CNN — Jussie Smollett, the former “Empire” actor who was convicted last month of staging a fake hate crime, is set to be sentenced on March 10, his attorney Tamara Walker confirmed to CNN on Tuesday.
Smollett was found guilty in December on five counts of felony disorderly conduct for making false reports to police that he was the victim of a hate crime in January 2019. His defense team said it will appeal the verdict.
A hearing for post-trial motions is scheduled for January 27 at 11:30 a.m. ET.
Smollett, who is Black and gay, told Chicago Police on a frigid night in January 2019 that two unknown men attacked him, yelled racist and homophobic slurs at him, poured bleach on him and wrapped a noose around his neck.
Chicago police investigated the case as a possible hate crime but soon determined the actor orchestrated the incident. They said he paid two brothers he knew from the TV show “Empire” to stage the incident for publicity.
The brothers, Bola and Ola Osundairo, were among seven witnesses for the prosecution at the trial. They testified that Smollett directed them and paid them to stage the attack in an attempt to get media attention.
They said that they fake punched him, poured bleach on him, put a noose around his neck and used racist and homophobic slurs — because he told them to.
“Who was in charge of this thing?” Webb asked.
“Jussie was,” Bola Osundairo told the jury.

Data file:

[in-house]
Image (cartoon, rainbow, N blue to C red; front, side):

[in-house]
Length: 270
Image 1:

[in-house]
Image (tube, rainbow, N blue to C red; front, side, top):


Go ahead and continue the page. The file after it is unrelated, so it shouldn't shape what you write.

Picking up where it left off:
Smollett testified in his own defense and said he paid the brothers only for training advice and nutritional tips. He cast doubt on their true motivations and said he had a sexual relationship with one of the brothers.
A disorderly conduct charge for a false crime report is a Class 4 felony and punishable by up to 3 years in prison and a $25,000 fine. Cook County Judge James Linn will have discretion in imposing a concurrent or consecutive sentence for each of the five counts.
CNN legal analyst and criminal defense attorney Joey Jackson previously told CNN that the judge could give Smollett probation, but Smollett “exposed himself to jail time” when he testified in court.
“When you testify in a case, the judge now gets a sense of what you said,” Jackson said. “What Jussie Smollett said was resoundingly rejected by that jury. The jury did not buy what he was selling. That’s not lost upon a judge. You came into the courtroom and fabricated.”
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